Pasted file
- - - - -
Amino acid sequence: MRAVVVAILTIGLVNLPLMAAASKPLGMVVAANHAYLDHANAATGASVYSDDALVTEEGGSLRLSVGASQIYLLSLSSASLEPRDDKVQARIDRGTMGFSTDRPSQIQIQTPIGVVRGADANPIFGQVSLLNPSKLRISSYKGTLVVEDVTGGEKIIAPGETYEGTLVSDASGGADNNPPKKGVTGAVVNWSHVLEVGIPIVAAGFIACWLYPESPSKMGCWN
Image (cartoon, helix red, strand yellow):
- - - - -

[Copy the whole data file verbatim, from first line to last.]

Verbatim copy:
Amino acid sequence: MRAVVVAILTIGLVNLPLMAAASKPLGMVVAANHAYLDHANAATGASVYSDDALVTEEGGSLRLSVGASQIYLLSLSSASLEPRDDKVQARIDRGTMGFSTDRPSQIQIQTPIGVVRGADANPIFGQVSLLNPSKLRISSYKGTLVVEDVTGGEKIIAPGETYEGTLVSDASGGADNNPPKKGVTGAVVNWSHVLEVGIPIVAAGFIACWLYPESPSKMGCWN
Image (cartoon, helix red, strand yellow):